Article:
Pregnant Women Who Drink Moderate to High Levels of Alcohol Alter Their Own and Their Babies’ DNA

In a study published in the journal Alcoholism: Clinical and Experimental Research, a team of scientists from Rutgers University and elsewhere looked for alcohol-induced DNA changes in pregnant women and their children. The researchers found changes to two genes in women who drank moderate to high levels of alcohol during pregnancy, and in children who had been exposed to those levels of alcohol in the womb.

Sarkar et al found pregnant women who consumed moderate-to-high levels of alcohol and gave birth to children with prenatal alcohol exposure (PAE) had higher DNA methylation of POMC and PER2 genes; PAE children also had increased methylation of POMC and PER2. Image credit: Syani Mukherjee / Rutgers University-New Brunswick.

Sarkar et al found pregnant women who consumed moderate-to-high levels of alcohol and gave birth to children with prenatal alcohol exposure (PAE) had higher DNA methylation of POMC and PER2 genes; PAE children also had increased methylation of POMC and PER2. Image credit: Syani Mukherjee / Rutgers University-New Brunswick.

Fetal alcohol spectrum disorders can include physical or intellectual disabilities as well as behavioral and learning problems.

While there is no cure, early intervention treatment services can improve a child’s development, according to the U.S. Centers for Disease Control and Prevention, which says there is no known safe amount of alcohol to drink while pregnant.

“Our findings may make it easier to test children for prenatal alcohol exposure – and enable early diagnosis and intervention that can help improve the children’s lives,” said Rutgers University’s Professor Dipak Sarkar, lead author of the study.

Professor Sarkar and colleagues sought alcohol-induced DNA changes in 30 pregnant women and 359 children.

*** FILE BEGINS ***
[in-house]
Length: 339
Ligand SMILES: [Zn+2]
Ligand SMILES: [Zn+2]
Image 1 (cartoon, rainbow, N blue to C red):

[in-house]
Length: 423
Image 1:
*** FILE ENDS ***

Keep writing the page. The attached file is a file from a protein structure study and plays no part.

They found changes to two genes — proopiomelanocortin (POMC), which regulates the stress-response system, and period circadian regulator 2 (PER2), which influences the body’s biological clock — in women who drank moderate to high levels of alcohol during pregnancy and in children who had been exposed to those levels of alcohol in the womb, which passes from the mother’s blood through the umbilical cord.

Heavy drinking in women is four or more drinks on at least five occasions in a month; moderate drinking is about three drinks per occasion.

The researchers also found that infants exposed to alcohol in the womb had increased levels of cortisol, a potentially harmful stress hormone that can suppress the immune system and lead to ongoing health issues.

“Our research may help scientists identify biomarkers — measurable indicators such as altered genes or proteins — that predict the risks from prenatal alcohol exposure,” Professor Sarkar said.

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Dipak K. Sarkar et al. Persistent Changes in Stress Regulatory Genes in Pregnant Woman or a Child With Prenatal Alcohol Exposure. Alcoholism: Clinical and Experimental Research, published online July 22, 2019; doi: 10.1111/acer.14148

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